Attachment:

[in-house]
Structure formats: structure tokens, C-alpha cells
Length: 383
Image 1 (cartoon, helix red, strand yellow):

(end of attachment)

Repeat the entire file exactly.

[in-house]
Structure formats: structure tokens, C-alpha cells
Length: 383
Image 1 (cartoon, helix red, strand yellow):